Re: [xml] Raising exceptions in python bindings

On Mon, Mar 27, 2006 at 07:04:17PM +0200, Cesar Ortiz wrote:

'Playing' with the pushSAXhtml example I have seen that the callback
excepcions does not propagate from the 'C parser' to the outer python code.

But... is it safe to leave the parser to consume an exception or I have to
put a 'except' in each callback method? I say this, because raising an
exception with the 'Memory debug specific code' makes a leak of 16353 bytes.
What surprise me more, is that if you raise more than one exception the leak
does not rise.

  Well there is no notion of exception in C. If you implement on on top of
it for example using setjmp/longjmp, and raise ot in the callback catching back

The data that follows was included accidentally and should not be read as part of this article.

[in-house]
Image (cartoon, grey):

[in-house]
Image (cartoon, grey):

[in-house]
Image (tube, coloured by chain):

in an ancestor of the parsing routine, then yes sur you may loose all objects
allocated whithin the parser and expected to be freed for example when exiting
the routines being popped off. I don't see how you could avoid this. The parser
has no exception but if you call xmlStopParser from one of the callbacks and
return it will try to exit back as soon as possible and the parser will be
in an error state. Any other mechanism based on language specific constructs
be them Python C++ or whatever will leak in general.


Daniel Veillard      | Red Hat
veillard redhat com  | libxml GNOME XML XSLT toolkit | Rpmfind RPM search engine

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